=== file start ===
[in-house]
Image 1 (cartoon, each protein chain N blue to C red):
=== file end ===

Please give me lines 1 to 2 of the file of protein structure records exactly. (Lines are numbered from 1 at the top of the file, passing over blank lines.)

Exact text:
[in-house]
Image 1 (cartoon, each protein chain N blue to C red):